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You have probably noticed them in early fall along roadsides in Kentucky and Southern Indiana. The red, orange and purple color of the sumacs usually begins to show up earlier than others and it usually hangs around a little longer, too.
You would be hard-pressed to come up with a plant genus that is better for fall color than the sumacs. Whether you’re a flameleaf, staghorn or smooth sumac, fall color is your middle name.
There are about a half a dozen sumac species that are well suited to Kentuckiana, in fact many of them are native to the southeastern United States. Rhus glabra, or the smooth sumac, is seen along our interstate highways and is notable this time of the year as a patchwork of yellow and red. Like most of the sumacs, the smooth sumac is a vigorous plant that colonizes quickly and makes for an excellent ground cover plant on slopes or hard to maintain areas.
For most of the sumacs the foliage is distinctive; each leaf is comprised of several feather-shaped leaflets attached to the same leaf stem...the technical term is compound pinnate. The smooth sumac has 15 to 30 leaflets on each leaf so it can be described as lush in appearance. In early summer yellowish panicle blooms appear followed by red conical drupes on the female plants. The blooms are nice but the fruit is better (not to eat, however); and the fall color is just out of this world. There is a cultivated variety of the smooth sumac called ‘Laciniata’ that has finely cut foliage, which makes it a better choice for the neatly cultivated garden.
My two favorite sumacs are the staghorn, Rhus typhina, and the flameleaf sumac, Rhus copallina. The staghorn sumac is so-called because of the velvety, bright red fruit that appears in late summer...it looks like a young stag’s horn. The rest of the plant has a velvety sheen, too, from the young leaves, the new growth, buds and fruit. The staghorn has 2-foot long leaves made up of 15-25 leaflets and because of its suckering habit it should be given some space to grow.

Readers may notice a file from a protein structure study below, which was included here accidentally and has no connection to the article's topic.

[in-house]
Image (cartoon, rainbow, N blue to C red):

The flameleaf sumac is similar in appearance and habit to the staghorn but what distinguishes this species is its finer foliage. The narrow leaflets are a lustrous green that turn crimson red to maroon in the fall. The other common name for this sumac is the shining sumac because of the glossy appearance of the foliage. The fruit is not as showy as the staghorn but the appeal is the foliage and the fact that it blooms a little later in the season extending garden interest.
The Chinese sumac, Rhus chinensis, blooms late in the summer season. Fleecy white panicles are covering the bright green leaves of this small tree. And since it likes dry, infertile soil, it was quite content this year. As the days shorten this little tree’s leaves will begin to drain of chlorophyll to reveal the reds, oranges and yellows that are hidden beneath.
The fragrant sumac, Rhus aromatica, stands out from the other species because it does not have the distinctive compound pinnate foliage. Instead the fragrant sumac has foliage that looks like that of poison ivy. The fragrant sumac is a tough suckering shrub that doesn’t mind it hot and dry. I saw the cultivar ‘Gro-Low’ in a street planting between the sidewalk and the street in downtown Chicago so it likely doesn’t mind a little car exhaust, either. True to its middle name, the fragrant sumac has great fall color and can be planted in full-sun or part-shade.
All of the sumacs are adaptable to most soil conditions, except for excessivley wet. With the exception of the fragrant sumac, most prefer a sunnier location to maximize bloom and fall color. If you are looking for a ground cover, erosion control, a naturalized hedge or something you won’t have to worry about, look into one of the sumacs. If you have a small space go with the Chinese sumac, you have space go with any of the others.